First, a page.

Sat, May 20, 2017 - Page 9 News List

Choked by traffic, Bangkok revs up to challenge air pollution

By Thin Lei Win  /  BANGKOK, Thomson Reuters Foundation

There are two pictures Thai air pollution expert Supat Wangwongwatana likes to show whenever he talks about Bangkok’s transition — in a little more than a decade — from a city blanketed in smog to one boasting clear blue skies.

The first, taken in the mid-1990s, shows the skyline of downtown Bangkok. Most buildings are in silhouette, shrouded in a thick layer of haze. The Baiyoke Tower, the city’s tallest building then, was still under construction.

The second, taken a decade later from a similar angle, looks dramatically different. The sky is blue, the clouds are visible and the buildings bathed in sunlight.

“Sulfur in diesel fuel and gasoline back in the early 1990s was 10,000 parts per million [ppm]. Today, it is less than 50ppm,” Supat said, referring to a natural component of crude oil that contributes to air pollution.

“That early technology enabled us to reduce emissions,” he said, citing processes for producing cleaner fuel and catalytic converters that make exhaust pipe fumes less toxic.

The WHO calls air pollution “a public health emergency.”

An estimated 6.5 million deaths, nearly 12 percent of all global deaths, were associated with indoor and outdoor air pollution in 2012, the bulk in the Western Pacific and Southeast Asian regions, WHO data showed.

“If nothing was done at all during the last 20, 25 years, I cannot imagine what Bangkok would be like now. People would probably be sick from air pollution,” Supat said.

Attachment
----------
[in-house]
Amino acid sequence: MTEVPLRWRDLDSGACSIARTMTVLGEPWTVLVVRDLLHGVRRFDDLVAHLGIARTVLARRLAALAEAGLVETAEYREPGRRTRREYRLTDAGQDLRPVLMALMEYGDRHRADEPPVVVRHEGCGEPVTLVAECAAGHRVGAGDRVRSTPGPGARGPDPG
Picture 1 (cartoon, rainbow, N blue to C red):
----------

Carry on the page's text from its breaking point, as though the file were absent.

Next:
The former director general of the Pollution Control Department (PCD) at Thailand’s Ministry of Natural Resources and Environment was one of a number of technocrats who led efforts to rein in Bangkok’s rising air pollution levels in the 1990s.

They eliminated lead in fuel, imposed emissions controls based on European norms and regulated construction sites, despite stiff resistance from powerful oil refineries and the automobile industry.

Taxis now run on cleaner liquefied petroleum gas or compressed natural gas and motorcycles no longer spew black smoke from their tailpipes.

Experts say these efforts have helped Bangkok avoid the situation of other megacities, such as Beijing and New Delhi, where air pollution has reached such hazardous levels that even healthy people can fall ill simply from being outside.

However, they warn that Bangkok risks dangerous air pollution levels again due to residents’ insatiable appetite for vehicles.

Nearly 49,000 people died from air pollution in Thailand in 2013, a joint World Bank and University of Washington report said.

While most locations in central Bangkok are well within safe levels as defined by Thailand’s air quality index, it does not factor in PM2.5, fine particles that pose the greatest risks to human health.

Bangkok’s annual average of those particles is 2.4 times the WHO’s safety threshold, the UN agency said.

“PM2.5 can go into blood vessels and cause chronic health problems,” said Tara Buakamsri, Thailand country director for Greenpeace Southeast Asia.

If you do not include those particles in the air quality index, “you cannot see a comprehensive picture,” she added.

Bangkok, home to about 9 million people, remains relatively smog-free, even though vehicle numbers have been increasing every year, experts said.

In the first four months of this year, the city registered 300,000 new vehicles, including buses and motorcycles, bringing the total to nearly 9.5 million.

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